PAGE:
Review of the 2011 Apple Macbook Air i7 13″

tumblr_lucvihPA1W1r4vjq9o4_1280This week I got the new Apple Macbook Air 13″ with the 1.8ghz Intel Core i7 ULV Processor, and 256gb SSD. Here are some of my initial thoughts.

Compared to my old Core i7 15″ Macbook pro, it rocks. The processor is still an i7, but the clock speed is slower, and it’s a new “ULV” model, so – the architecture is actually more advanced than the i7 in my MBP, however I believe it’s actually probably a bit slower, because of the slower clock speed and overal more toned down performance of the chip for power savings. However, the SSD is FAST! The main slowdown on my MBP was the slow hard drive – whenever I was waiting on stuff on my old computer, it was always waiting to load up raw files off the disk, etc. With lightroom (and aperture), as soon as you import photos, it renders previews in the background – so you’re actually not doing that much live processing when you’re sorting through photos and editing. Really, you’re just looking at native resolution rendered previews, and then applying adjustments as metadata, which is temporairly overlaid on the previews you’re looking at. It’s only when you export the images that the actual adjustments are computed onto the master file and rendered at full resolution. So the really processor intensive tasks are all ones that happen in the background. The loading of the preview images and adjustment parameters are the operations that take place “live” as I’m working, and those are the tasks where the drive speed, not the processor speed, really comes into play. So.. given all of that.. this thing rocks! I just edited this set on it, and it was great!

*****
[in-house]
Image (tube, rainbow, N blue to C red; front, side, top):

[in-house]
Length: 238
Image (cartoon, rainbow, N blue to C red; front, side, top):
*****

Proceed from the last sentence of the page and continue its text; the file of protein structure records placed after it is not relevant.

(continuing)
The entire OS loads amazingly quickly. Going from complete shutdown power off to login screen is a good 3 seconds, and then hitting enter on the login screen to having safari up and loaded a webpage is another 3 seconds. Also.. I’m in the process of moving some files around, and am consistently getting Disk Activity data speeds around 140MB/S in both directions. Awesome.

The backlit keyboard is great, but this is definitely a different keyboard from my old MBP. The keystrokes are more shallow, and the whole keyboard has a lighter feeling. However, it’s still completely and easily usable, requiring almost no adjustment period to be back up at full typing speed. Also, there are not vents or perforations on the top of the computer for air or sound. Air intake and sound output is all through the cracks in the keyboard – pretty nifty. The audio quality, for a laptop, it’s great. There’s actually a good amount of bass, and last night when I was in my bedroom setting it up, sounded good enough for me to listen to pandora for a good 3 hours without getting annoyed or resorting to headphones. Also, it’s loud enough for me to watch/listen to Hulu from across the room.

I was initally concerned about the Glossy screen. My past laptops have all been “antiglare/matte” screens – but the MBA does not have this option. Only glossy. But I gotta say, after using this for a bit in variably lit coffee shops, it’s performing just fine. Looking closely at the screen surface, it’s not just a glossy sheet of plastic. All reflections off the screen are purple – it looks like there’s an antiglare coating on the glossy screen – keeping it still glossy, but unreflective of all but purple light. Very similar to the AR coating on my eyeglasses. Good move. The screen is plenty bright, and good resolution. I say only good resolution, not the best. After coming from a 15″ high res display, I’m still getting used to a smaller, lower res display. This unit with a retina-style display would be really killer. However, for now, I rest easy knowing that the snazzy thunderbolt connector on the side can connect to huge, daisy chained displays, such as the 27″ HD display I use at home – so no worries in being able to use this machine in a studio setting.